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What RVs Say About the American Economy

Sales of mobile homes are a good data point for inferring the mood of consumers.

RVs ready for sale in Elkhart, Indiana (Joe Raymond/AP)

ELKHART, Ind.—Anyone despairing about the possibility of an economic slowdown may want to visit this county of 200,000 in northern Indiana for a boost.

Elkhart County is the capital of the recreational-vehicle (RV) industry, with 65 percent of all RVs made in the county, according to the Recreational Vehicle Industry Association. And right now, the recreational vehicle industry is doing very, very well. “We’re going gangbusters,” Wes Bogan, marketing director of RV company Thor Motor Coach, told me on a tour of the factory where the vehicles are assembled. The RV industry predicts that 2017 will be a banner year, with manufacturers shipping a record 438,000 units, up 4.4 percent from 2016.

This is good news not just for the thousands of people employed in the RV and related industries in Indiana. Usually, economists look at some fairly standard indicators to assess the economy’s health: new claims for unemployment insurance filed by the recently jobless, consumer confidence surveys, and the consumer confidence index, which measures how Americans feel about the economy. (Some also look to wackier signs: Alan Greenspan has a theory that an uptick in men’s underwear sales is good economic news.)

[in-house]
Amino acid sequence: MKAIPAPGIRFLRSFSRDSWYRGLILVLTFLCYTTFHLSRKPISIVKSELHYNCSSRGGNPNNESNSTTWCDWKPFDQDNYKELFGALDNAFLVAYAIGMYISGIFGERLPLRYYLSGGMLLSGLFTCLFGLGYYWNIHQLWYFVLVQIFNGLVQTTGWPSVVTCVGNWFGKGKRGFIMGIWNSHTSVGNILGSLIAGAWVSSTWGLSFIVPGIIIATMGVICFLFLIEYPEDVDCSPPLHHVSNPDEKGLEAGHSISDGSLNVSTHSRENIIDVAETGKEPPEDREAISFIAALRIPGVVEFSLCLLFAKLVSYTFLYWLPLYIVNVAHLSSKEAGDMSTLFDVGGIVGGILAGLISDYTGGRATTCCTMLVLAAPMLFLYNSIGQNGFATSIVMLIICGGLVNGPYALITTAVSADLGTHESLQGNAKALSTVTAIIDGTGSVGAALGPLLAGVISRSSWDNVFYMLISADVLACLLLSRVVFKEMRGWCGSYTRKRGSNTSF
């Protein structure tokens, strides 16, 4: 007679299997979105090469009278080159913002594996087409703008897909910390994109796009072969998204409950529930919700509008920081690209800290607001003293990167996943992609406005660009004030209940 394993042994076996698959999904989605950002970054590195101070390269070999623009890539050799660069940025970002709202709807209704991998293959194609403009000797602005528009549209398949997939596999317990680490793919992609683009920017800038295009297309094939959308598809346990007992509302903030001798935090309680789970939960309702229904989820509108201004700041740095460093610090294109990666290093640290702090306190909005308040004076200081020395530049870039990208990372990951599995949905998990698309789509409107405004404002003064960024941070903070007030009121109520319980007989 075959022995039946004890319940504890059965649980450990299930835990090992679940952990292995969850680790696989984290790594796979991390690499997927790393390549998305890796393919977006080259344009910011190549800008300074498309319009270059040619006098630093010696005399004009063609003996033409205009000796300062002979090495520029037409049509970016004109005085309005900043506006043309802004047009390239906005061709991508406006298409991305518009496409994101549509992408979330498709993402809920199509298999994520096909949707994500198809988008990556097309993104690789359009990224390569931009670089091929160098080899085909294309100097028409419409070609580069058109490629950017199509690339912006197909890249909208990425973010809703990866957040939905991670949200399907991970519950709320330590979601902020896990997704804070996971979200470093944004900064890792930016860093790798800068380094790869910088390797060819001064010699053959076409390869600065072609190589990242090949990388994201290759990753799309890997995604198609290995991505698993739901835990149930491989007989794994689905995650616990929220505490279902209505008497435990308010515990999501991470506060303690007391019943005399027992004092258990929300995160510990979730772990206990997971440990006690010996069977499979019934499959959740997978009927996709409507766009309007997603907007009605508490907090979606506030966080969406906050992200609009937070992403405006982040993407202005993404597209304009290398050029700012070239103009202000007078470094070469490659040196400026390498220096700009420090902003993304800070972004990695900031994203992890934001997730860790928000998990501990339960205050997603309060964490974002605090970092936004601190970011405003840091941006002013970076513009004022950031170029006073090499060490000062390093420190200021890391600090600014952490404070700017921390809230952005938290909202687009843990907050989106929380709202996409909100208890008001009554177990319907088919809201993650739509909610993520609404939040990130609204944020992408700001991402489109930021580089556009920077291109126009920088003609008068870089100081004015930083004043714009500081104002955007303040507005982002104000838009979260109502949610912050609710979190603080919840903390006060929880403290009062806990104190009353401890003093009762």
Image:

But RV sales turn out to be a pretty good predictor too: When RV sales are doing well, the economy follows; when RV sales tank, the economy is soon to tank too.

Annual RV Industry Shipments

As the chart indicates, the RV industry has repeatedly fallen in advance of more widespread economic troubles. RV sales started dropping in 1999; the economy did not crash until 2001. Between 2006 and 2007, RV sales again dropped—this time by 9.5 percent. The GDP still grew in that period, at an annual rate of 4.5 percent. But between 2007 and 2009 GDP growth slowed to 1.7 percent, and dropped 2 percent between 2008 and 2009. In fact, RV sales track closely with the Conference Board’s Leading Economic Index, an oft-used measure that pulls together a series of factors, including average weekly hours in manufacturing, building permits issued, average weekly claims for unemployment insurance, manufacturers’ new orders, stock prices, and average consumer expectations, to predict how the economy will fare.

It makes sense that the RV industry is an accurate forecaster of the economy. People buy RVs when they have some extra money to spare. They also buy RVs when they feel financially secure enough to go on a long trip. Some Americans choose to spend their leisure time in RVs, and when Americans feel free enough to go on vacations and use their time to relax, and not work, it usually means the economy is ticking up.